Shaviro appeals to the logic of the sine wave in his analysis of Grace Jones’s “Corporate Cannibal” video. For example, even though he’s talking about digital media—binary code, not actual analog wavelengths—the binary code is, in his account, patterned like a sine wave. In the video, “every event is translated into the same binary code, and placed with in the same algorithmic grid of variations, the same phase space” (14). Phase space is another term for frequency (on a wave, the space from peak to peak, valley to valley, for example). So here code behaves like an analog wavelength—because this logic of the sine wave is neoliberalism’s logic. As Shaviro puts it, “Jones embodies capital unbound, precisely because she has become a pure electronic pulse” (31; emphasis mine). Electronic signals, like neoliberal capitalism, are organized as sine waves. Biopolitical neoliberalism sets/constitutes the “algorhithmic” or statistical grid lays out the “predetermined set of possibilities” within which everything can be contained. So, neoliberal post-cinematic viz media and extra-tonal/repetitive pop music are both primarily digital media, but, because they are neoliberal, the digital is organized or patterned like an analog sine wave. This is one way to read Shaviro’s claim that “digital video is expressed in binary code, and treated by means of algorithmic procedures, allowing for continual modulation of the image (16). Basically, neoliberalism organizes media to work like “an electronic signal whose modulations pulse across the screen” (16) or through the speakers. Neoliberalism, as a biopolitical/statistical regime/episteme, is responsible for this patterning. So, “Jones’s electronic modulations track and embrace the transmutations of capital” not only because “video modulations and the worldwide ‘culture of financial circulation are both driven by the same digital technology” (31), but, more importantly, because they participate in the same underlying episteme—the logic of the sine wave.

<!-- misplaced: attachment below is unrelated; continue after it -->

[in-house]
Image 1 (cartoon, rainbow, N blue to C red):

Sine waves have asymptotes—upper and lower limits that can be approached in ever-more-exponentially narrow intervals (think Zeno’s paradox), but never touched or crossed. Sine waves bounce between upper and lower asymptotes. Shaviro explicitly identifies an “asymptotic approach” as a “principle behind [the] formal organization of sounds and images’ (88), in post-cinematic film. He also implicitly attributes the idea of asymptote to post-cinematic cinema, speaking of, for example, structures that “ru[n] repeatedly through a holding pattern” (88), or the ““state of teetering on a precipice without actually falling over; or better, of falling over but never finishing falling over, never quite hitting the ground” (87). His most evocative description of neoliberalism’s asymptotic logic focuses on the “phase space” or upper and lower asymptotes of a sine wave. A post-cinematic film bounces back and forth between upper and lower limits, producing the paradoxical affective texture
overloaded to the point of hallucination; yet at the same time it depicts a culture drained of vitality and on the brink of death. The movie exuberantly envisions the entropic dissipation of all energy and the implosion of social and media networks into a flat, claustrophobic, degree-zero banality. This end-point looks continually before us, but it is never quite reached” (88).
This could just as well be a description of an EDM club set. In a more conventional house set, a DJ will craft a large-scale arc: starting low, building and building slowly to a climax, staying up for a little bit, and then coming down at the end. It’s a teleological, developmental logic. EDM DJ sets generally don’t develop, they just ping pong back and forth from high highs (“overloaded to the point of hallucination”) to low lows (“the brink of death”). This ateleological ping ponging also manifests in the smaller scale of the individual radio mix or 12”, though usually EDM-Pop mixes in a little teleology, in the form of the break (the break functions somewhat like a goal or a climax, even though there’s no large-scale developmental arc leading up to it). Rihanna’s “Where Have You Been” is a good example of this, as is Usher’s “Numb.”